Suzy Sheep

The last project I finished in 2013 was Suzy.
This was a pattern I’d been eyeing for a while before getting my hands on it. I’d already bought the yarn I needed, but decided to put the pattern on my Christmas list. Santa came through and even gave me another set of yarn, so now I can make another one if I want to ^_^ or maybe save the yarn for another project.

wpid-IMAG1087.jpgYou can make her in all kinds of colours, so it’s a great way to bust some of your stash ^_^

wpid-IMAG1088.jpgI love how she’s all cute, soft, and fuzzy, thanks to the use of Phildar Douce. Though it can be hard to work with, I really fell in love with this yarn all over again! I think it’s a bit easier to use than other types of fuzzy yarn (like Brazilia from SMC Schachenmayer), since my hook doesn’t get stuck in the hairs. And as long as you keep track of your rounds and count properly, it’s pretty quick and easy to work up a project. Plus, you don’t really see the stitches, so it looks like it isn’t even crochet at all (which I believe is pretty amazing)

The pattern is from Stip&Haak and can be found here (both links are in Dutch!)

Cheers, Lydia

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Toadstool Paul

In the crochet world, you come across patterns that make you go: WHOA! I really need to make this one!

Toadstool Paul was such a pattern. I saw it on the Amigurumi Patterns.net FaceBook page and couldn’t resist making the purchase. It’s even designed by a namesake of mine ^_^

DSC05291The pattern itself isn’t too difficult, except for the collar that uses a backpost stitch. I’ve had my fair share of trouble with that one, but after some practise I managed to make it look right. Another thing that can make it a bit hard to work on, is that it’s pretty much worked up in one piece. On the other hand, that does limit the amount of sewing you have to do, which is a good thing for me ^_^” In the end, it turned out that I didn’t stuff the neck enough, so now he kind of hangs his head because of the weight from his toadstool hat. But I think that makes him look a little bit shy and a whole lot cuter ❤

He loves hanging around near the lights that are left over from the Christmas decoration

He loves hanging around near the lights that are left over from the Christmas decoration

Or just staring outside, thinking of how lucky he is to be inside with all this cold weather

Or just staring outside, thinking of how lucky he is to be inside with all this cold weather

I love how, in the pattern, he’s made with yarn that looks kind of earthy. So I tried to find the right colours and succeeded with my first try! A stand at the market had just the yarn I needed (Annell Rapido Plus) and I love the way he turned out. This was a heavier kind of yarn than was used for the pattern though. The main colour was said to need about 50 grams, which amounts to one skein most of the time, but I ended up using three skeins of 50grams. For the other colours, one skein per colour turned out to be enough, luckily. Especially since it was quite a hassle to get my hands on the two extra skeins I needed. But I already vented that fruststration ^_~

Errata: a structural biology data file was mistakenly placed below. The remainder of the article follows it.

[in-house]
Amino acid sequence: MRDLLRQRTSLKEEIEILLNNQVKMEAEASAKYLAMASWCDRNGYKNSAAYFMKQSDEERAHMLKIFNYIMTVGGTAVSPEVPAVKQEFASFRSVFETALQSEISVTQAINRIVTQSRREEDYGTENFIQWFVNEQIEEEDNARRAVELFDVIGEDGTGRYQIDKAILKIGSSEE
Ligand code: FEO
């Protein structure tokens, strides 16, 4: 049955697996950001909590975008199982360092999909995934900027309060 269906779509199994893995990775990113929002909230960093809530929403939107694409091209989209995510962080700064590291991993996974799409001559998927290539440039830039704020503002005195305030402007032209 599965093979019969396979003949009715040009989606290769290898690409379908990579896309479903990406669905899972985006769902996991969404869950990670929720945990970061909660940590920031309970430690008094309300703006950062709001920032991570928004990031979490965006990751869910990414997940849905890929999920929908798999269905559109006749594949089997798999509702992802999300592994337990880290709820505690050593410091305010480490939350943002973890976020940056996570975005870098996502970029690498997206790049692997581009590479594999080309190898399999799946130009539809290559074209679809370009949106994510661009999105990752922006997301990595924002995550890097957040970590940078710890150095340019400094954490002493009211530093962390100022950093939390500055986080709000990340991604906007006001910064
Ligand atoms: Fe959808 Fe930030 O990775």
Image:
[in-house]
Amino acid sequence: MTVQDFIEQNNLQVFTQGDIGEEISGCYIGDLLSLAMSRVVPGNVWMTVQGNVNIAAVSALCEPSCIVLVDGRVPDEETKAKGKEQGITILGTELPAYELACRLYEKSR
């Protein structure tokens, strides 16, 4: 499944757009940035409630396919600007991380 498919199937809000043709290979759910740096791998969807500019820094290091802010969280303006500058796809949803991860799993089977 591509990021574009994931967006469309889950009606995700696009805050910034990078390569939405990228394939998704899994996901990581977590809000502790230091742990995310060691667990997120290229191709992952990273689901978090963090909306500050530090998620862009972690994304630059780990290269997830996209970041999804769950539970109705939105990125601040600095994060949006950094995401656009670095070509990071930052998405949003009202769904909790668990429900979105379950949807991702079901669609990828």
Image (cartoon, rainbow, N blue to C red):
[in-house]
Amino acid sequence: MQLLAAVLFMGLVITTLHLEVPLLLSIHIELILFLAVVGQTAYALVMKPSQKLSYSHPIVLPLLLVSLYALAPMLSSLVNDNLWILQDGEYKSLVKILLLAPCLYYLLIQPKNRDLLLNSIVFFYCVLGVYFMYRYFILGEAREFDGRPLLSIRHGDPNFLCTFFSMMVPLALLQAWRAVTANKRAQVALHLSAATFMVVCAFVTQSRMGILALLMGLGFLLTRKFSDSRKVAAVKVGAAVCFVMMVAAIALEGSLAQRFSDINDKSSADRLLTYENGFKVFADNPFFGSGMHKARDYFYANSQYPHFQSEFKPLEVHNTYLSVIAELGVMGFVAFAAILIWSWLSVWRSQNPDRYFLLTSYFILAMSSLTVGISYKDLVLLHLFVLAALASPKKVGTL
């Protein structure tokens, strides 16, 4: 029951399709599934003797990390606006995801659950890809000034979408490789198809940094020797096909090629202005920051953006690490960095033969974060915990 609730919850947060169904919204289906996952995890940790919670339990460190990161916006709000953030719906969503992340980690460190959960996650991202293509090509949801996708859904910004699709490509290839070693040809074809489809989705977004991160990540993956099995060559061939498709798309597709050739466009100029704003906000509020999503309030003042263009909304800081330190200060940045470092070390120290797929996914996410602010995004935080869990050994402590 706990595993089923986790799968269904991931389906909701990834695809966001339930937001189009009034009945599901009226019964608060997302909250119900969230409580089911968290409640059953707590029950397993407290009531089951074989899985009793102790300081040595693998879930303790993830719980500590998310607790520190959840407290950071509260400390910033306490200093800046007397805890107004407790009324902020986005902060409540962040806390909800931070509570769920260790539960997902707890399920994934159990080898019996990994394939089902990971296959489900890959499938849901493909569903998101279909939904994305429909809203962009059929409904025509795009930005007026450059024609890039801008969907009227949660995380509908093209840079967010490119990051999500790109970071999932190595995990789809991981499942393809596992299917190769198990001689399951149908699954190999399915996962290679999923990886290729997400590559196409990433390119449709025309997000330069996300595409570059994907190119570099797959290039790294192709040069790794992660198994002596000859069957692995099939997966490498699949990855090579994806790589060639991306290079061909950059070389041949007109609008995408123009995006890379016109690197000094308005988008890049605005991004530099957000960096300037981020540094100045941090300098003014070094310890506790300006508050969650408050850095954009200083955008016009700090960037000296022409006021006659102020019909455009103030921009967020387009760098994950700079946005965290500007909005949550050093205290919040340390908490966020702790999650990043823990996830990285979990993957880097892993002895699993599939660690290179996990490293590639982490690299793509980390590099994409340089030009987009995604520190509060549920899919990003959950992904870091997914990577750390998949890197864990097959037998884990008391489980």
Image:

A detail of his grass-embroidered sweater

A detail of his grass-embroidered sweater

And his toadstool hat of course! (you can take it off ^_^)

And his toadstool hat of course! (you can take it off ^_^)

I always love to know who I’m making an ami for and I had just the person in mind for this one. As I’m writing this, I haven’t given it to him yet, but when I do, I’ll be sure to let you all know if he liked it 🙂

Cheers, Lydia

Edit 1-15-2014: He LOVED it ^___^

Slinky Dog ^_^

It took me a week, but the “Slinky Dog” is finally finished! It was a fun project to do, even though I had to sew a lot of the parts together. But this one is definitely fit to be a baby-gift ^_^

Just look at those sad puppy eyes, she wants you to take her home!

Just look at those sad puppy eyes, she wants you to take her home!

Sideview, the 'slinky' part sags a bit when you put the doggy upright, so it takes a lot of posing to get it to stand

Sideview, the ‘slinky’ part sags a bit when you put the doggy upright, so it takes a lot of posing to get it to stand

Trying to climb the couch, but that can be pretty difficult when the back of your body doesn't want to go there >_<"

Trying to climb the couch, but that can be pretty difficult when the back of your body doesn’t want to go where the front wants to go >_<“

I’m not sure who created the pattern, as all I’ve got is a link to the translated version in Dutch. The person who posted it did say that all honour goes to the person who created it, but did not put up a link to the original. (I’m guessing it’s someone Russian, seeing the watermark in the pictures, but I can’t be sure)

You can make this dog in many different colours, I’ve seen it with a palet of blue and in the pattern it looks a bit like a ‘rainbow’ dog. But I’ve decided to use pink, seeing how it’s going to a little baby girl :3

Right now, I’m trying to work on a small project, creating a pattern for one of the new Pokémon! But I’ll keep you guys in the dark for now as to which one it will be. Feel free to guess though! ^_~

Cheers,
Lydia

Lemmings

For a lot of people the Lemmings games are something they grew up with. I have to admit, I am not one of them, but I did buy the game for PSP a few years ago. It can be pretty addictive, but then again, if you fail a level thirty or more times, it gets really frustrating.

Basically, what you need to do is get a certain amount of your lemmings safely from one side of the level to the other. Sounds simple enough, but there’s a catch: the lemmings will continue walking in a straight line as long as nothing blocks them. This means they will easily walk off a cliff and dive to their deaths if you don’t do something about it. This is why you can assign special abilities to your lemmings. There are eight different abilities: Climber, Blocker, Miner, Digger, Floater, Basher, Builder and Bomber.

A while back I came across a pattern online for so-called Mop Top Mascots by PlanetJune. The first thing that came to mind when I saw her pictures was: “those are Lemmings!” And sure enough, when I’d read a bit more, I found she’d actually made a set of five, including the little accessoiries needed for them to use their skills. There wasn’t really a pattern for the accessoiries, more like notes on how to make them. But the pictures are very clear and makes them easy to reproduce (for the little more advanced crocheter that is, I think).